We saw Amu sampling David Thekwane & The Boyoyo Boys “Township Jive” for Wikid’s (who is David Thekwane’s son) “Bump Jive”. What do you think we transition the sampling of local music in SA? What is needed to make sampling local music easier by producers as we saw Amu sample Wikid’s father?
You know this is the toughest thing as a producer in SA. It’s very easy to sample local music, now the hard part is getting clearance for it. I was lucky when I sampled “Zwakala” by Ray Phiri and Stimela for Young Nations debut album. We had to go through Gallo Record Company at the time when Sipho Sithole from Native Rhythms was the CEO. We were lucky to get Ray Phiri and Llyod Lelosa from Stimela in studio to replay the parts/chops I had done. The important thing is to explain to the label representing the artist how they will make benefit, i.e. publishing, radio and promotion etc. Unfortunately sampling local music you almost gotta go big with it and it almost always needs to be a radio single for the owners of the copyright to even accept a clearance deal from you. In some cases you may have to revoke all your publishing to get the deal. Most the time if you can get the clearance from the original artist/composer then the label will almost guarantee you get it. Remember if you going get the clearances, you going to need to get one from the artist/composer and the other one from the label representing the artist.
Rappers/producers. Kanye did it. Erick Sermon did. Amu did it. What are the pros and cons of being both a rapper and producer?
Being a producer and artist at the same time is really hard work. I respect people who do this. I know this from being a full time artist before I got into production. When I started producing I found I had no time to be an artist, it really does swallow you up. You get so involved in the technical aspects of music that, you always trying to find better ways to improve your productions, you might also be getting work from other artists or even as in myself producing music for commercials from corporate companies. Once you get paid by one of these huge corporate clients, well LOL you’ll think twice about what direction you want to take. So to sum it up I wanted to really establish my music and make an impact. It’s a personal choice you need to make and like I said I applaud folks who can do both.
You have a California upbringing and the scene there is known as gangster rap. How did that upbringing influence your production style to SA perimeters?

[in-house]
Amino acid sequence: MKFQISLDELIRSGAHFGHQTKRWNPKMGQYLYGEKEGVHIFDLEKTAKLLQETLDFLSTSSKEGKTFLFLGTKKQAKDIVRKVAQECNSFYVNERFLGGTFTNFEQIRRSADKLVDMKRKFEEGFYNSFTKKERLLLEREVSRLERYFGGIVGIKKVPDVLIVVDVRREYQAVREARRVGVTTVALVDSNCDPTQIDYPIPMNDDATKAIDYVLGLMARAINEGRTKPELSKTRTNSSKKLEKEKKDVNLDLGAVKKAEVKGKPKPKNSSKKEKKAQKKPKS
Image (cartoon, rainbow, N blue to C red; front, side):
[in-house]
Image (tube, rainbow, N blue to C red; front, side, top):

Well growing up, the scene was definitely influenced by your NWA, Ice Cube, Dre, Digital Underground, Pac, Snoop, etc. But they were a lot of other artists in the west though, Pharcyde, Xzibit, Rass Kass, Too Short, Souls Of Mischief, Luniz and we were also listening to the EPMD’s KRS’s, Wu Tang, Das Efx, Black Sheep Tribe Called Quest among others. So my influences (funny enough) borrowed from West Coast, East Coast, South Africa and also from just traveling a lot when I was a youngin.
Imbizo Street Mixtape. You produced the whole tape during the time when mixtapes were not prime commodity in SA. How has the game changed for producers in terms of providing beats for mixtapes as opposed to albums?
I think its dope because it’s given producers a broader platform to disseminate their music. I’m glad to see a lot of artists and producers empowering themselves. It helps to get your brand out there and some folks are seeing a bit of money from it. That’s a hustle we didn’t exploit so much during the time of Imbizo Street Mixtape. However it’s gotten harder to pitch music for an album as there’s a lot of producers banging out real dope stuff. Artists get so much more beat submissions than it was before. This is because the level of production in SA is really gotten dope!
One word that comes to mind when you hear: Swizz Beatz
Hard to put it one word because he has constantly stayed relevant for so long and has flipped his sound over and over so hmmm…. one word – Re-Invent!
Interview By: Siphiwe Zwane (@SDotJR_)
Check out Draztik’s new single featuring Whosane titled “Slate In” here.